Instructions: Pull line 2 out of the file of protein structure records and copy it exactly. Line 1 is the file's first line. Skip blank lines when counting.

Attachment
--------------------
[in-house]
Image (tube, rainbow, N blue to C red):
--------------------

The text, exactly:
Image (tube, rainbow, N blue to C red):